Jack-up System Used for the Passenger TerminalThe huge passenger terminal is KIX's signature building, and one if its unique features is its big basement in the terminalís main building. Consequently, the main building is lighter than the adjacent structures. Iron ores have been installed all over the bottom of the main building as weights to even out the weight distribution.

However, the main building remains lighter than its neighbors. The depth of settlement under the main building is relatively shallow when compared with those of the nearby buildings. The difference in depth generates slight tilts between the main building and the wings of both ends, seldom visible to the naked eye. Therefore, the pillars under the passenger terminal have been lifted in order to level the floor of the terminal.




http://www.kansai-airports.co.jp/en/efforts/our-tech/kix/sink/img/img_sink4_fig01.jpg
http://www.kansai-airports.co.jp/en/efforts/our-tech/kix/sink/img/img_sink4_fig02.jpg

http://www.kansai-airports.co.jp/en/efforts/our-tech/kix/sink/img/img_sink4_01.jpg

[KIX] Measures against unequal settlement Kansai Airports (http://www.kansai-airports.co.jp/en/efforts/our-tech/kix/sink/hudou.html)

Dairyground
5th Sep 2018, 01:19
Is Kobe (UKB, RJBE), just across the bay, as badly affected? If not it could serve in the short term as an alternative facility for SH flights, though LH may be more problematic.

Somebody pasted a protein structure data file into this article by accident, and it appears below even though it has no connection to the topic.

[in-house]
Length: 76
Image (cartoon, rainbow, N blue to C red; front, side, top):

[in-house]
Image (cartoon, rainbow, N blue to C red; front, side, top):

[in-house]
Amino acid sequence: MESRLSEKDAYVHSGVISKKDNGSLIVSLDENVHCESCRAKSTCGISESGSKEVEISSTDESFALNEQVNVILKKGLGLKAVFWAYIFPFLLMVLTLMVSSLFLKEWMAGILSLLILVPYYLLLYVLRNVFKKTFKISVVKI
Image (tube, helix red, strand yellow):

Itami,the original Osaka airport, which is reasonably close to downtown Osaka might prove to be a better, and drier, substitute.

rationalfunctions
5th Sep 2018, 11:27
Is Kobe (UKB, RJBE), just across the bay, as badly affected? If not it could serve in the short term as an alternative facility for SH flights, though LH may be more problematic.

Itami,the original Osaka airport, which is reasonably close to downtown Osaka might prove to be a better, and drier, substitute.

ITM is domestic only, despite it's name, and operates near capacity so unlikely to take up the slack. UKB could be a viable alternative for a proportion of KIX international traffic

Kraus
5th Sep 2018, 12:12
No international services at Kobe, customs, finger prints, sniffer dogs etc..next stop for international services is Nagoya.

msbbarratt
5th Sep 2018, 21:36
ITM is domestic only, despite it's name, and operates near capacity so unlikely to take up the slack. UKB could be a viable alternative for a proportion of KIX international traffic

Wasn't Itami Japan's only international airport, a long time ago? I have a feeling that the Osaka Tokyo bullet train line was built for the Olympics instead of building an airport near Tokyo. That was a good investment.

Kobe is indeed domestic only, but has been anxious to pinch some of KIX's traffic and is a lot closer to the Shinkansen line. Osaka wants to close Itami, and put more domestic traffic through KIX. Airlines like Itami because it is so close to central Osaka and popular with passengers as a result. People who live near Itami want it closed. KIX has two biggish runways and no noise issues. Lots of competing factors!

msbbarratt
5th Sep 2018, 21:41
Apparently the southern carriageway of the bridge is now serviceable and back in use, so clean up crews can get to from the island. Attempts to open the western runway are being hindered by flood damage to machine rooms, baggage handling equipment, etc. Sounds like as soon as they get the main terminal serviceable flights could resume, though getting to / from the airport is going to be a nuisance. From previous experience I know that the train companies are adept at laying on buses from Rinku Town station when the railway bridge is closed due to strong winds.

rationalfunctions
6th Sep 2018, 02:56